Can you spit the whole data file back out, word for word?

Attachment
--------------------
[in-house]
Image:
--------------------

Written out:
[in-house]
Image: